The Student News Site of Tarrant County College

The Collegian

The Student News Site of Tarrant County College

The Collegian

The Student News Site of Tarrant County College

The Collegian

Asian hate is perpetuated through your informality

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viviana-rishe-unsplash

NINA BANKS
campus editor
nina.banks@my.tccd.edu

TikTok has been under scrutiny after security concerns and its affiliations with the Chinese Communist Party. Or just simply, its Chinese affiliations.

In recent years, there has been a resurgence of hate crimes towards Asian Americans. The pandemic was essentially a scapegoat to discriminate against all Asian people. The virus was even named the “China virus” by former President Donald Trump.

It seems TikTok is the newest excuse to say inflammatory things about Chinese people. In several conversations about the recent proposals to ban TikTok, many people drop the “Communist Party” part of the CCP and simply reduce the blame to the Chinese.

People may say “potato potato” and guffaw about the sensitivity of our generation, yet blissfully ignorant of how dropping two words perpetuates hate crimes against Asian people.

Being half Japanese, I have been the brunt of jokes at the lunch table a plethora of times. A boy once told me it was my fault that World War II happened. 

I’ve had people pull their eyes taught against their face to mock the shape of my eyes or even say they’ve “switched races” after waking up with puffy eyes.

Among the most jarring encounters I’ve had are people who are completely unapologetic towards the atomic bombs and the bombing of Tokyo, which resulted in the death of my great grandfather. Their reasoning: we “deserved it” as retribution for Pearl Harbor.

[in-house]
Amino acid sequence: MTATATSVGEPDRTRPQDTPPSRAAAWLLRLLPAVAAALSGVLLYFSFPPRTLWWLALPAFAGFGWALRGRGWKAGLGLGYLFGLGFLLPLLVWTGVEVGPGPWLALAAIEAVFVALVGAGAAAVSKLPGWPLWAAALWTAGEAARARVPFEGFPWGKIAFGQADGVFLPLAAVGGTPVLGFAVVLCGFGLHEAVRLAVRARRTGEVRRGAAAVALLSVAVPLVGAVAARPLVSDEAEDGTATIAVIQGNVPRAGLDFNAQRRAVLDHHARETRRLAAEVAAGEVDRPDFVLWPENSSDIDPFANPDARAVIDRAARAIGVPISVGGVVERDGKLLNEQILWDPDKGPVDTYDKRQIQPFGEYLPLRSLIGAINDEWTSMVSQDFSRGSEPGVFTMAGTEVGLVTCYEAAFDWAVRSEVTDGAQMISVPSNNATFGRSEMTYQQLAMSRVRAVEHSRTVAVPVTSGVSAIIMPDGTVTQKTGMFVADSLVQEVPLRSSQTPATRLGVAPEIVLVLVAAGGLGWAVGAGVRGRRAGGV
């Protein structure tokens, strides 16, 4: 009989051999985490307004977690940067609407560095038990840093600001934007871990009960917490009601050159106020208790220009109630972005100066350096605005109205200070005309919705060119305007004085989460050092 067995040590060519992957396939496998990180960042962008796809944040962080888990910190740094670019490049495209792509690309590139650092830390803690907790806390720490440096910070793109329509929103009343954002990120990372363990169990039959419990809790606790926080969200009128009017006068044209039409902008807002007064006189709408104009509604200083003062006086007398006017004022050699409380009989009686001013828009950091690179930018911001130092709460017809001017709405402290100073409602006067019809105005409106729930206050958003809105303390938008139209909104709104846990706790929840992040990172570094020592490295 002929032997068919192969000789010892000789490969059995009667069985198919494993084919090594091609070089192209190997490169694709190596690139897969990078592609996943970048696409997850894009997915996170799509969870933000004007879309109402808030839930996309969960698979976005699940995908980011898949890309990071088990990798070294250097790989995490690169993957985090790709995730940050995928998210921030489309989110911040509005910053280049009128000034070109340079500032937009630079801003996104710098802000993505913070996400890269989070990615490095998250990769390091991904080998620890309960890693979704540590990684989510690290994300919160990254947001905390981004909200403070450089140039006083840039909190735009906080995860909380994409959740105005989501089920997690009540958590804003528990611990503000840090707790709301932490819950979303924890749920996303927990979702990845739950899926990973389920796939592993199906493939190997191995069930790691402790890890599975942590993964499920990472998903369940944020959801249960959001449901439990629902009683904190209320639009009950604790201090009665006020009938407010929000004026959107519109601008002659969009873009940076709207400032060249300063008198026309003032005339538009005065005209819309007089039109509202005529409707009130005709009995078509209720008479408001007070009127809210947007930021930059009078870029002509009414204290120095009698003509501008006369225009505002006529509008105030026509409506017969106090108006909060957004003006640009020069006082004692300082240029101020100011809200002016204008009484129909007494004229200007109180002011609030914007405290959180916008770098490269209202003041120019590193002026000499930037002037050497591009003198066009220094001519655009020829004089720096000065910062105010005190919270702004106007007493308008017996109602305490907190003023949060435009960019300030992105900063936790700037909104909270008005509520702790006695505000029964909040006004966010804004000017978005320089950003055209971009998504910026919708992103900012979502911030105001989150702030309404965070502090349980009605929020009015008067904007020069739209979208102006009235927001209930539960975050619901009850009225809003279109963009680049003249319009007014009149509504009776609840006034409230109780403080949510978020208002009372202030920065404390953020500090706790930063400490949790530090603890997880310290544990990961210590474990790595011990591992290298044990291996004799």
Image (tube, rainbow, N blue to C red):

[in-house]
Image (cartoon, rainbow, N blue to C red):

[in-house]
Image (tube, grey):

I didn’t know that there would ever be justification for killing hundreds of thousands of civilians.

The magnitude of the situation finally hit me about two months ago. My mother, a Japanese immigrant, was talking to me about how she feels safer walking our pitbull in case someone tries to attack her. 

It’s truly an unexplainable feeling realizing that the chance of being subjected to a hate crime is increasing exponentially. The sad reality of a minority in America is watching your chance of survival fluctuate as you flip through the news channels.

Because to racists, who cares if you’re not Chinese or the ethnicity on the roster to target? To them, we’re all the same.

The irony in all of this is the population of non-Asian people who so fervently consume Asian culture do not speak up when it comes to protecting the population they derive their pleasures from.

Listen to all the K-pop, eat all the pho and watch all the anime you want. But when we speak up about the injustices our community is facing, the least you can do is wipe off your questionable eyeliner and lend an ear.

For the meantime while TikTok becomes scrutinized, and therefore Chinese Americans as well, check your language. Speak carefully and most of all, listen.

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